• Posted by Sam Crossley-Osborne on

        I’m ain’t angry or inpatient, just reading the words correctly to understand and I’m useful and polite to everyone.

    • Posted by Oh ima on

      Yeah right buddy your not a real post you just want to start a senseless argument

      • Posted by Sam Crossley-Osborne on

        I’m not trying to cause any arguments between you, I’m just trying to help that’s all.

    • Posted by Tomasie Panipak on

      You’re knowledge of polar bear would be beneficial. Consider polar bears are vicious predators. If you have too many of them they will kill and eat seals right down to the last of them. They like the seal pups too so they know how to get them. More polar bears eat up more seal pups sometimes later there will be less seals as it is right now for us. That was predictable when coda was introduced. But the bright side of it is that polar bears eat other polar bears especially polar bear cubs. We know when you have too many wolves. They eat up their pray and one wolf starts running and others see them and join in on the run. These are very hungry wolves. If you shoot one of the and another gets blood splat on them that wolf also gets eaten. Needles to say wolves are vicious too.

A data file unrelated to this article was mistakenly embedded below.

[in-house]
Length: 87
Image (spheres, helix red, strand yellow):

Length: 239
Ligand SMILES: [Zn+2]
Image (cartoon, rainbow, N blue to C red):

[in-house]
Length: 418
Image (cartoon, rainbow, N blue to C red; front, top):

• Posted by Tommy on

      Dogs and cats are pretty. Polar bears are staple food and I’m not sorry to tell you that polar bears are not endangered.

  2. Posted by savage hunter on

    Sam Crossley-Osbourne, please feel free to come up North and preach instead of using the keyboard.
    If tourism were to be successful in Nunavut with tourists helping local guides and support staff, then I may agree with you. But no tourists are coming here.
    You’re gullible for believing the polar bears are endangered. Do some research instead of being brain-washed by Al Gore et al.
    You can come and see and pet a polar bear if you wish.

    • Posted by Sam Crossley-Osborne on

      No I wouldn’t because they are very dangerous animals but their cute, even though these species need protecting not just global warming but hunting and I love Polar bears. In some places, the safest way to see a Polar bear is stand in a buggy which protects you and the bears can not eat you at all.

  3. Posted by Sam Crossley-Osborne on

    Build protective fences all around towns, villages, docks and airports to keep all residents safe as possible so the Polar bears won’t attack anyone. Even though the fence has to be well made with strong metal or bullet-proof so the hungry beasts can’t break in.

    • Posted by Crystal Clarity on

      I think Donald Trump can benefit from your expertise if he ever starts building that wall.

      I guarantee you that fencing in communities as you suggested is a highly unlikely scenario. I’m betting that if you were face to face with a 1000 pound polar bear coming at you and there was a rifle nearby you would pick it up and shoot the bear.It’s a flight or fight situation for both of you. If you don’t pick up the gun and shoot it you will be dead. The polar bear is not going to leave you alone because it thinks you are cute.

    • Posted by Consistency on

      Now i for sure know your not for real. maybe we should just build a fence around each bear, then we can hunt seals and give them to the bears so they dont starve… no that wont work because you would probably be upset that seals are dieing… um what to do ….. what to do.